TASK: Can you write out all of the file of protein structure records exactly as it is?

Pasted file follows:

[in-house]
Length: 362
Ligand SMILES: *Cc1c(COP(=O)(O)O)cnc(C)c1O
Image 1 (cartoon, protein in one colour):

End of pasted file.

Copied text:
[in-house]
Length: 362
Ligand SMILES: *Cc1c(COP(=O)(O)O)cnc(C)c1O
Image 1 (cartoon, protein in one colour):